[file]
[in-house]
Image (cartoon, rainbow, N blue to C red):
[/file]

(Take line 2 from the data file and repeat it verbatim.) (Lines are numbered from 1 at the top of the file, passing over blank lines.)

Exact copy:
Image (cartoon, rainbow, N blue to C red):